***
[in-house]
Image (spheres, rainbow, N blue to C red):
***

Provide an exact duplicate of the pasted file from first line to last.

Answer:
[in-house]
Image (spheres, rainbow, N blue to C red):